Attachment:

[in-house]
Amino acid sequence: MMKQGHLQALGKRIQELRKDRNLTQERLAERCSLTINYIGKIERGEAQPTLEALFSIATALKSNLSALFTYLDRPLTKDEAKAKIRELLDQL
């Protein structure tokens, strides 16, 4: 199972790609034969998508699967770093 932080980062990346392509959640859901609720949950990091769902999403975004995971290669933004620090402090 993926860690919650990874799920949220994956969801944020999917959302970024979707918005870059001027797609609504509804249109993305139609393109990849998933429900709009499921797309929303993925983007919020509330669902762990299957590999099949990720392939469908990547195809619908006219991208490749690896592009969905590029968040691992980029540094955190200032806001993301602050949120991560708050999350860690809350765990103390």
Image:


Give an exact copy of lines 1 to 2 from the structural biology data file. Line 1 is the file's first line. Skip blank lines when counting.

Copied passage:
[in-house]
Amino acid sequence: MMKQGHLQALGKRIQELRKDRNLTQERLAERCSLTINYIGKIERGEAQPTLEALFSIATALKSNLSALFTYLDRPLTKDEAKAKIRELLDQL